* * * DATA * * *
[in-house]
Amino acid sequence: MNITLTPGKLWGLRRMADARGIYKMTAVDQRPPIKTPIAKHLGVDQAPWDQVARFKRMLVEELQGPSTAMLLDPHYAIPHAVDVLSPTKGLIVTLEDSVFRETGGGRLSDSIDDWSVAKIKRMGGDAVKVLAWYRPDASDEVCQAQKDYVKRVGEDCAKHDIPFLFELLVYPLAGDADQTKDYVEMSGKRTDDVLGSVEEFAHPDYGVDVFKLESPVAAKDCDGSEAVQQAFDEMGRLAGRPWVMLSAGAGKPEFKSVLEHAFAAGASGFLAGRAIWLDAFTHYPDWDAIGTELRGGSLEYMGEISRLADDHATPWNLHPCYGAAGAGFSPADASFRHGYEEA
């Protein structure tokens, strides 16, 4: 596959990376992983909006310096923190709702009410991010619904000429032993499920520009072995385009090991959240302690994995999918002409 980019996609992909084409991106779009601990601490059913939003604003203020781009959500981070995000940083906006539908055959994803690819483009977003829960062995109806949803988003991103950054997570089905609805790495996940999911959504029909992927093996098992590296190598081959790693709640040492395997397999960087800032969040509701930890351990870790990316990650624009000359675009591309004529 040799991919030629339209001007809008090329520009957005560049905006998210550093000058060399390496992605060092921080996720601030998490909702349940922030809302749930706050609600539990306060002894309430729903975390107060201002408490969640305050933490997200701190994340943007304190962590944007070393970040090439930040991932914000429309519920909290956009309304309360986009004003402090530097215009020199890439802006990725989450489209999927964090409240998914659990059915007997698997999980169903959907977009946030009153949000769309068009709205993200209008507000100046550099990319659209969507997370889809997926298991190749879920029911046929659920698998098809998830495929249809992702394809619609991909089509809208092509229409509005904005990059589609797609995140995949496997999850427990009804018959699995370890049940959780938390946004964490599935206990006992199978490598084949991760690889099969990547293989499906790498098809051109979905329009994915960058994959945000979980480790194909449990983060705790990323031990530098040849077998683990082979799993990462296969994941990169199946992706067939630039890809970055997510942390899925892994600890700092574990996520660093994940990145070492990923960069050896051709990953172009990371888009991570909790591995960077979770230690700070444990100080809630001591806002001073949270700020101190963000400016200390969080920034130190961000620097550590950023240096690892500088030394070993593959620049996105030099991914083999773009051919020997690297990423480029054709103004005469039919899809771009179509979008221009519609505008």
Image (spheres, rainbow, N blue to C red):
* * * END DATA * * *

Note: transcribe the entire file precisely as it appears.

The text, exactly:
[in-house]
Amino acid sequence: MNITLTPGKLWGLRRMADARGIYKMTAVDQRPPIKTPIAKHLGVDQAPWDQVARFKRMLVEELQGPSTAMLLDPHYAIPHAVDVLSPTKGLIVTLEDSVFRETGGGRLSDSIDDWSVAKIKRMGGDAVKVLAWYRPDASDEVCQAQKDYVKRVGEDCAKHDIPFLFELLVYPLAGDADQTKDYVEMSGKRTDDVLGSVEEFAHPDYGVDVFKLESPVAAKDCDGSEAVQQAFDEMGRLAGRPWVMLSAGAGKPEFKSVLEHAFAAGASGFLAGRAIWLDAFTHYPDWDAIGTELRGGSLEYMGEISRLADDHATPWNLHPCYGAAGAGFSPADASFRHGYEEA
């Protein structure tokens, strides 16, 4: 596959990376992983909006310096923190709702009410991010619904000429032993499920520009072995385009090991959240302690994995999918002409 980019996609992909084409991106779009601990601490059913939003604003203020781009959500981070995000940083906006539908055959994803690819483009977003829960062995109806949803988003991103950054997570089905609805790495996940999911959504029909992927093996098992590296190598081959790693709640040492395997397999960087800032969040509701930890351990870790990316990650624009000359675009591309004529 040799991919030629339209001007809008090329520009957005560049905006998210550093000058060399390496992605060092921080996720601030998490909702349940922030809302749930706050609600539990306060002894309430729903975390107060201002408490969640305050933490997200701190994340943007304190962590944007070393970040090439930040991932914000429309519920909290956009309304309360986009004003402090530097215009020199890439802006990725989450489209999927964090409240998914659990059915007997698997999980169903959907977009946030009153949000769309068009709205993200209008507000100046550099990319659209969507997370889809997926298991190749879920029911046929659920698998098809998830495929249809992702394809619609991909089509809208092509229409509005904005990059589609797609995140995949496997999850427990009804018959699995370890049940959780938390946004964490599935206990006992199978490598084949991760690889099969990547293989499906790498098809051109979905329009994915960058994959945000979980480790194909449990983060705790990323031990530098040849077998683990082979799993990462296969994941990169199946992706067939630039890809970055997510942390899925892994600890700092574990996520660093994940990145070492990923960069050896051709990953172009990371888009991570909790591995960077979770230690700070444990100080809630001591806002001073949270700020101190963000400016200390969080920034130190961000620097550590950023240096690892500088030394070993593959620049996105030099991914083999773009051919020997690297990423480029054709103004005469039919899809771009179509979008221009519609505008």
Image (spheres, rainbow, N blue to C red):